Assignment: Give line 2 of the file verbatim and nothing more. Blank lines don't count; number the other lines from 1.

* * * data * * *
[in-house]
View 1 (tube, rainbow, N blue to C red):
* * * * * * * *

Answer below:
View 1 (tube, rainbow, N blue to C red):